Update: FDA Requires Boxed Warning on Amputation Risk with Invokana
May 16, 2017 – Based on the final results of 2 long-term clinical trials, FDA has concluded that type 2 diabetes patients who take Invokana or Invokamet are twice as likely to have their foot or toe amputated. As a result of these findings, the agency is requiring that both medications carry a boxed warning regarding the amputation risk.
What’s the Problem?
The type 2 diabetes medication Invokamet (canagliflozin and metformin) has been linked to an increased risk for serious side effects including diabetic ketoacidosis (DKA), kidney failure, and amputations of the foot, leg and toe.
How Does Invokamet Work?
Invokamet contains canagliflozin, a sodium/glucose cotransporter 2 (SGLT2) inhibitor drug that works with the kidneys to lower A1C, and metformin, which helps decrease the amount of sugar the liver produces and improves the body’s response to insulin. Invokamet has been approved by the U.S. Food & Drug Administration (FDA) as an adjunct to diet and exercise to improve blood glucose levels in patients with type 2 diabetes.
Invokamet Side Effects
Serious side effects of Invokamet may include:
- Diabetic Ketoacidosis (DKA, Diabetic Acidosis, Metabolic Ketoacidosis, Ketoacidosis)
- Heart Attack (Myocardial Infarction or MI)
- Amputations of the foot, leg or toes
- Kidney Failure (Renal Failure)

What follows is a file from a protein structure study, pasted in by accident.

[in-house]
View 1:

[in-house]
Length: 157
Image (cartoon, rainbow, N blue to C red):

- Kidney Cancer
- Kidney Infections (Pyelonephritis)
- Kidney Stones
- Bone Fractures
- Bone Abnormalities
- Testicular Cancer
- Urinary Tract Infections (UTIs)
- Severe Dehydration / Fluid Imbalance
- Abnormal Weight Loss
- Hypersensitivity (Allergic Response)
- Blood Infections (Urosepsis)
- Fungal Infections
- And more
FDA warned on May 15, 2015, that SGLT2 inhibitor diabetes drugs had been linked to at least 20 cases of diabetic ketoacidosis (DKA) between March 2013 and June 6, 2014. DKA is an acute complication of diabetes resulting from low insulin levels in the blood that causes symptoms including nausea, vomiting, difficulty breathing, abdominal pain and fatigue. All cases of diabetic ketoacidosis in SGLT2 inhibitor users required hospitalization or an emergency room visit to treat, according to the FDA.
ISMP Report on SGLT2 Inhibitors
The Institute for Safe Medication Practices (ISMP) on January 13, 2016, issued its QuarterWatch Report which detailed the following adverse events involving metabolic acidosis with SGLT2 inhibitors in 2015:
- 168 events with Invokana (canagliflozin)
- 80 with Farxiga (dapagliflozin)
- 12 with Jardiance (empagliflozin)